I'm very interested in parse.com because it manages data, but it also manages user logins, access permissions, etc. It is not just a database in the cloud, but it is a back-end management cloud provider -- complete with lots of APIs and libraries for many languages! (including javascript!)

          Does anyone on this list have experience with parse.com or something similar? 
          Also, it might be cheaper to host the information somewhere else, but right now I am interested in decreasing development time, not about hosting costs.


          And to add another two bits to my last post, it will be interesting to see if/when javascript multithreaded execution becomes a standard feature. (It's in HTML5, but not widely supported)
          I can see this being useful in accessing API information from multiple sites at once.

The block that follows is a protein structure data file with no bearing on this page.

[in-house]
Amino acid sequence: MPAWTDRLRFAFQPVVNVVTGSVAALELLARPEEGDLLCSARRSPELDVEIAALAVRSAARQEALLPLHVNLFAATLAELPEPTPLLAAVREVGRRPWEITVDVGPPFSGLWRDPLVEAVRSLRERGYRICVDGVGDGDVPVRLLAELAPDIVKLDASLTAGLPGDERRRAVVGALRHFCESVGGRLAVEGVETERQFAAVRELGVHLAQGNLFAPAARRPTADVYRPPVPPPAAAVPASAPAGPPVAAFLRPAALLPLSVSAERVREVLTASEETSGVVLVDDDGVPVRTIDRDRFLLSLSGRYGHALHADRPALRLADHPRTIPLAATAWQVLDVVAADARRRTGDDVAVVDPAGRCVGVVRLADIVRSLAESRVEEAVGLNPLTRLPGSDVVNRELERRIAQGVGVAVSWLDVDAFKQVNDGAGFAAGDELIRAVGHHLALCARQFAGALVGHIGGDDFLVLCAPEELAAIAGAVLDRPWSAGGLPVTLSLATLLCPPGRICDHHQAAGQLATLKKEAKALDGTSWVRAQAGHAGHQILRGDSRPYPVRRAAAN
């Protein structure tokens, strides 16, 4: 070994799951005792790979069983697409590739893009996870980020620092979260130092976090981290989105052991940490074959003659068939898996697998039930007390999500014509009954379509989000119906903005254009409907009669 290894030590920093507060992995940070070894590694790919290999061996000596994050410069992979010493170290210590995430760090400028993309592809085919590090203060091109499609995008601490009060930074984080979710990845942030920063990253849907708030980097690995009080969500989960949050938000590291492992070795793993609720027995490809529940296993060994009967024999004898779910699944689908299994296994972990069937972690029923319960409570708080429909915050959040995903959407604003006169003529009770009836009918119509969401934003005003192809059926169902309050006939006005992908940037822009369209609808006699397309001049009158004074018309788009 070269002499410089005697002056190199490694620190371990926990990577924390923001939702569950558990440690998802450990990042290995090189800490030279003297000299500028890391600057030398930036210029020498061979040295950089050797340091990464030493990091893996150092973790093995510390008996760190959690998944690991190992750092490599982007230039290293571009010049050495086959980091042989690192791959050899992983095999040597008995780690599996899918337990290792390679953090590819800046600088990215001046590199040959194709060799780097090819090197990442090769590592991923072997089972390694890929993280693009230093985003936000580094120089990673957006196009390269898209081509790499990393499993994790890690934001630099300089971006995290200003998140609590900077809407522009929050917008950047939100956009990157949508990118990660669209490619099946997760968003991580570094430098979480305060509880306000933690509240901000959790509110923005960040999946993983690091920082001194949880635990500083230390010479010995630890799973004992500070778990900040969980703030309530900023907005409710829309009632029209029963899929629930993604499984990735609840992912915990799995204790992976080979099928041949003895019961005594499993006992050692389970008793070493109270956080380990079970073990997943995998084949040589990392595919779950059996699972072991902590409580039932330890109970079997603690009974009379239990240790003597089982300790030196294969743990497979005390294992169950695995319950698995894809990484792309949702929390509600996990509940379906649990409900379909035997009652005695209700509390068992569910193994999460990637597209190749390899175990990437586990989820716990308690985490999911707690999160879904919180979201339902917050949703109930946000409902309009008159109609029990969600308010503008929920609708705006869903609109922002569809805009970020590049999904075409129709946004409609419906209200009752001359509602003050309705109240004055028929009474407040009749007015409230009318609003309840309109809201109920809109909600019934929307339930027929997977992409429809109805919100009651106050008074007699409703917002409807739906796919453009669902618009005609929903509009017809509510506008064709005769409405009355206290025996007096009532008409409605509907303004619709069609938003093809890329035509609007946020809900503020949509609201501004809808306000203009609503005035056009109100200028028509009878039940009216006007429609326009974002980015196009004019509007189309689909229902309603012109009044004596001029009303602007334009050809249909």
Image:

-Jason

          On Mon, Aug 6, 2012 at 3:33 PM, <taffydb-owner@yahoogroups.com> wrote:
           

          I've found that using TaffyDB has changed the way I do backend programming. Now I mostly write backends that are focused on storing and securing data in a manner highly compatible with clients using TaffyDB. I pull down as much of the user experience as practical and possible, use JavaScript and .each() to render the front end as needed, push updates into my TaffyDB, and use TaffyDB events to sync changes back to the server.

          Really you can do all this with just pure JavaScript. I like to use TaffyDB because it lets me apply the data oriented application development skills I learned on the server to intelligent client side app development.



          --- In taffydb@yahoogroups.com, Jason Wright <jasonwright365@...> wrote:
          >
          > <rant>